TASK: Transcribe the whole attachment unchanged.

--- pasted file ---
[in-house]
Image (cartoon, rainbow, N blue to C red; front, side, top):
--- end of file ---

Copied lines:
[in-house]
Image (cartoon, rainbow, N blue to C red; front, side, top):